By Gary W. Harding

In 1975, Wallace Broecker published a paper entitled: "Climate Change: Are We on the Brink of a Pronounced Global Warming?" (#1). The opening sentence of the abstract reads "If man-made dust is unimportant as a major cause of climate change, then a strong case can be made that the present cooling trend will, within a decade or so, give way to a pronounced warming induced by carbon dioxide." Broecker was not the first to draw this conclusion; Svante Arrhenius predicted in the late 1890s that a doubling of atmospheric carbon dioxide concentration ([CO2]) from its pre-industrial level would produce a 5o C world-wide increase in temperature (#2). But, Broecker was the first to analyze real data. His conclusion was based upon an astute assemblage of information from three sources. The first was an 800 year record of natural global-temperature cycles deduced from oxygen-isotope ratios (#3) in the ice core taken at Camp-Century, Greenland. The second was the direct measurements, which began in 1958, of [CO2 ] made at Mauna Loa Observatory, Hawaii. The third was the running average of global surface temperature assembled from world-wide meteorological data back to 1880.

Prior to the direct measurements, Broecker estimated past atmospheric [CO2] from fuel consumption data for 1900 through 1950. He projected future atmospheric [CO2] three decades beyond 1975 based upon the growth rate in the Mauna Loa data. Then he calculated the global temperature contribution expected from the past, present, and future [CO2]. The results were added to the natural temperature, Camp-Century cycles (CCC). This, in turn, he compared to the meteorological data on 1880 to 1975 mean global-surface air-temperature (MGST). The latter data were a compelling match. As a consequence of Broecker's paper, both scientific and popular debate ensued on the likelihood that future global warming was real and furthermore, how much there might be and whether significant warming was unavoidable. The controversy has continued to this day.

What makes Broecker's model so elegant is that it is relatively simple, yet captures the net essence of the processes involved in determining global temperature; all without having to simulate a myriad of details. To be sure, much more sophisticated climate-simulation models have been devised in the last 20 years. However, now that two decades have passed, Broecker's model warrants another look.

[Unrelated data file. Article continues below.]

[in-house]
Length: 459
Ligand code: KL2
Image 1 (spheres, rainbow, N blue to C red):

Broecker's global temperature prediction was based upon the simultaneous warming effect of increasing [CO2] and the CCC. The Mauna Loa data on atmospheric [CO2] and the meteorological data on MGST over the two decades since 1975 have grown similarly to his predictions (see below; see also postscripts below). However, he stated: "As other anthropogenic effects are shown to be significant and as means to quantitatively predict their future influence on global temperature are developed, they can be included in models such as this." The data he used have continued to be collected and other effects, and ways to measure them, have been determined.

Other greenhouse gasses, even with much smaller concentrations than CO2, have been shown to make significant contributions to global temperature (#4). Although extremely difficult to quantify, water vapor exerts a greenhouse effect as well. In addition, the cooling effect of aerosols (dust, smoke and sulfur compounds) has been documented (#5). Then, there is the cooling effect of clouds and the relation of cloud density to water vapor and aerosols (#6). To see if Broecker's model is nonetheless sound, it has been updated below to include these factors as well as what has been learned in the past two decades.

The first question is; How well do the predictions from Broecker's original model match what has actually happened since it was published? To provide an answer to this question, the CCC, MGST, and [CO2] data have been updated as follows:

1) All data were entered in 5-year increments, rather than 10-years, starting in 1800.

2) The CCC have been extended to 2065 to see their implications well into the mid-twenty-first century (#7).

3) The five-year running averages of annual MGST from meteorological data have been extended up to 1990 (#8) with an additional estimate for 1995 based upon temperatures for 1993 and 1994 (#9).

4) The [CO2] estimates have been replaced for 1800 to 1955 with the data from air bubbles in the Siple ice core (#10, #11) and the Mauna Loa data have been extended for 1975-1990 (#10, #12). The calculation of the CO2 temperature contribution is the same as Broecker's; global temperature changes by 0.3o C for each 10% change in [CO2]. The [CO2] predictions have been extended at the current growth rate (3.2% / 5 yrs) until it doubles. (An alternative [CO2] scenario is discussed below.)

Figure 1. Updated data for Broecker's original graph. Upright triangles - Carbon dioxide temperature effect. Right triangles - Camp-Century natural temperature cycles. Circles - Net global temperature projection; sum of carbon dioxide effect and Camp-Century cycles. Squares - Mean global surface temperature from meteorological data.